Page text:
Design patterns as knowledge artefacts
Communication and collaboration competences are mentioned prominently amongst the graduate attributes of the University of Sydney. They are also listed as essential skills on job descriptions worldwide. However, how to systematically develop such competences remains largely unspecified, and how to assess them is a matter of widespread and contentious discussion.
Instead of providing ready-made solutions that can be too generic to be directly applied to discipline-specific teaching, we aim to collectively develop a number of educational design patterns. These patterns will provide answers to two guiding questions:
- how to develop collaboration competences
- how to assess them for formative purposes, so that students can be provided with feedback.
As first suggested in architecture (Alexander, 1979), a pattern describes an effective solution to a recurrent problem embedded in a specific context. In education, where solutions take the form of learning designs, we speak of pedagogical design patterns and of assessment design patterns.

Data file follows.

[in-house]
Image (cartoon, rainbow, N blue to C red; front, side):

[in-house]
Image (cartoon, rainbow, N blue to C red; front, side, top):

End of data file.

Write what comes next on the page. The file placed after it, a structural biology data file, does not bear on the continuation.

With this project, we propose to demonstrate that design patterns are a useful basis for initiating and sustaining a process of continuous improvement and innovation, as well an appropriate means for documenting current teaching and assessment practices.
Patterns are descriptive and have the potential to guide knowledgeable action but in order to achieve these aims they need to be developed in a participatory manner involving all stakeholders. Capturing the multiple areas of expertise available from groups of learners can lead to the development of new practices. Using an online platform (kCoLab) patterns can be made available for further refinement.
Online: Feel free to add you own patterns! We will inform you about where they are accessible.
This study is led by Peter Reimann. Data was analysed in collaboration with Patrick Oliver, Newcastle University, UK.
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